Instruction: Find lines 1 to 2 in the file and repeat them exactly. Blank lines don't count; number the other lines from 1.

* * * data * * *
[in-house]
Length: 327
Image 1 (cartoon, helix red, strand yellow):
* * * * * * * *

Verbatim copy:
[in-house]
Length: 327